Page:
Property's Problem With Extremes, Lynda L. Butler Jan 2020

Property's Problem With Extremes, Lynda L. Butler

Faculty Publications

Western-style property systems are ill-equipped to deal with extremes--extreme poverty, extreme wealth, extreme environmental harm. Though they can effectively handle many problems, the current systems are inherently incapable of providing the types of reform needed to address extreme situations that are straining the fabric of societies--situations that are stressing the integrity of core societal and natural systems to the breaking point. The American property system, in particular, is problematic. The system has a long tradition of strong individual rights and relies primarily on the efficiency norm to operate and shape the incentives of rights holders. The economic model that now …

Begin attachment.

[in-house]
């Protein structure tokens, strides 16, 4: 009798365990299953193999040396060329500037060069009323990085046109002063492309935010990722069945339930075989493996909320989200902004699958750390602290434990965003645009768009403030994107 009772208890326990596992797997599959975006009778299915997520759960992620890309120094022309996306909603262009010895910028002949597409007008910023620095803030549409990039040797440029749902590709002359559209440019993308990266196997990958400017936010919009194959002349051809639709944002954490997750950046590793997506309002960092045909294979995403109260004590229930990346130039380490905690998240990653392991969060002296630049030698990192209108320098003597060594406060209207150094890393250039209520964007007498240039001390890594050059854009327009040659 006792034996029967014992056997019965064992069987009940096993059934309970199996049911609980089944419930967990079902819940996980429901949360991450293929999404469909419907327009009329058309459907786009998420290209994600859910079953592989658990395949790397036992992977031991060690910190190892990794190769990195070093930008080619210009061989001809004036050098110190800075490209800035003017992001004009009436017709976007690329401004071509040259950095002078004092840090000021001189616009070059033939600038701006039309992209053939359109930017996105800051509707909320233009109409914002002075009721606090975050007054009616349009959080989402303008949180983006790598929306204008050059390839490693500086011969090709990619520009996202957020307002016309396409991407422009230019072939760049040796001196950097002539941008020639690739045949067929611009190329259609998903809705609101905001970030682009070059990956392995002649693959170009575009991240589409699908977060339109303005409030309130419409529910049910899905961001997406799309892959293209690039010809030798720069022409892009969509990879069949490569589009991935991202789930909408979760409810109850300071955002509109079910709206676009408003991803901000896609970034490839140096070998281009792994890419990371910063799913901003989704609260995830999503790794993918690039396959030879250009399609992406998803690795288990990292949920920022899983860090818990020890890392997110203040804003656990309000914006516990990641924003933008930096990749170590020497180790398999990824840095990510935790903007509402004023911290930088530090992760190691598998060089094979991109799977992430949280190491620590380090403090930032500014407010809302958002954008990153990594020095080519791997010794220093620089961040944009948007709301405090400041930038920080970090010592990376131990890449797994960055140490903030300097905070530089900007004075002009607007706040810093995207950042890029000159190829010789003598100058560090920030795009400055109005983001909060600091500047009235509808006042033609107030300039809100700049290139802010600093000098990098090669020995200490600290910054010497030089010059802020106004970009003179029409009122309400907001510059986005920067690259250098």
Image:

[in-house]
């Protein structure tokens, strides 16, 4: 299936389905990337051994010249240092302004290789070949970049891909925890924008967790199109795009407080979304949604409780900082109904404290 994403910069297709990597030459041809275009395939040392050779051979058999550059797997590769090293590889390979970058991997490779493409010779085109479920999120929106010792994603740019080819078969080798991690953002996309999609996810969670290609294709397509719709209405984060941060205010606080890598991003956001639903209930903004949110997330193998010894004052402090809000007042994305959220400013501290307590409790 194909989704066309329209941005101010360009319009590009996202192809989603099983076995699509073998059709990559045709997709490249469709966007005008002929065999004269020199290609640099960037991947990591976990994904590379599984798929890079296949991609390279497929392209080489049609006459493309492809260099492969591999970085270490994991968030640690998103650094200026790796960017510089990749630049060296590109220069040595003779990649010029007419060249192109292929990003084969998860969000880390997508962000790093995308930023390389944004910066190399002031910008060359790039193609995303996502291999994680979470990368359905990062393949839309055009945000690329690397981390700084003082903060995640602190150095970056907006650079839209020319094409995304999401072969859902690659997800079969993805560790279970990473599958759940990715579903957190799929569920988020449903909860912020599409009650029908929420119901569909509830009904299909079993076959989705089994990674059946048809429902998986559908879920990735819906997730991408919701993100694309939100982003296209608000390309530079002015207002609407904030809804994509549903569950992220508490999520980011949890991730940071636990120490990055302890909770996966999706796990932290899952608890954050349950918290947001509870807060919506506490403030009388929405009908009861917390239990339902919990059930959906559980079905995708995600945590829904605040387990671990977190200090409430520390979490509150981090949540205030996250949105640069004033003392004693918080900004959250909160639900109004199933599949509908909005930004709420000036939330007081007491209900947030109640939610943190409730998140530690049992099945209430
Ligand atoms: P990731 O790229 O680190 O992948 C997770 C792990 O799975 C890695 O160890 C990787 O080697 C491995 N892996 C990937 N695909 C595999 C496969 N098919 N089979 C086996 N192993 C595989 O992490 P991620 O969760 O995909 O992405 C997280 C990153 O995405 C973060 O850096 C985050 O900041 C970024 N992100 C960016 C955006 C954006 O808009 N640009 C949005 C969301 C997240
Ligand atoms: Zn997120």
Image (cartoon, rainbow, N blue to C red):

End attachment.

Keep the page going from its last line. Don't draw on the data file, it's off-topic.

(Under)Enforcement Of Poor Tenants' Rights, Kathryn A. Sabbeth Oct 2019

(Under)Enforcement Of Poor Tenants' Rights, Kathryn A. Sabbeth

Faculty Publications

Millions of tenants in the United States reside in substandard housing conditions ranging from toxic mold to the absence of heat, running water, or electricity. These conditions constitute blatant violations of law. The failure to maintain housing in habitable condition can violate the warranty of habitability, common law torts, and, in some cases, consumer protection and antidiscrimination statutes. Well-settled doctrine allows for tenants’ private rights of action and government enforcement. Yet the laws remain underenforced.